It's not every investigation that lays its cards on the table at the outset, but the modus operandi of John Ashcroft, public eye, became apparent at the very moment the Justice Department got on the Joseph Wilson retaliatory leak case. As all signs pointed to a White House leaker, Justice announced that it would widen its net to look for suspects at the Defense and State departments.
Now, in theory, it's conceivable that some neocon at Defense decided to out Wilson's wife. But State? Why stop there? Why not Agriculture? How about the Bureau of Labor Statistics?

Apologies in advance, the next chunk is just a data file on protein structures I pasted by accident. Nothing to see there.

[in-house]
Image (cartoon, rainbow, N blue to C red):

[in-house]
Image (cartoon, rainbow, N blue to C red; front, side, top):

Not that Ashcroft's approach to the case is without precedent. We think, particularly, of the climactic moment in Casablanca, when Humphrey Bogart's Rick, the smoking weapon still in his hand, stands over the fresh corpse of Conrad Veidt's Maj. Strasser, while Claude Rains' Louis, the prefect of police, utters the immortal words, "Round up the usual suspects." A few moments later, in the film's final shot, Bogart and Rains walk off together, Bogart telling Rains, "Louis, I think this is the beginning of a beautiful friendship," as "La Marseillaise" swells in the background. Imagine Karl Rove as Bogart (profuse apologies to Bogie here), Ashcroft as Rains and substitute "Deep in the Heart of Texas" (or maybe "Stand By Your Man"), and you have, we fear, the final shot of the Bush administration's investigation of itself.
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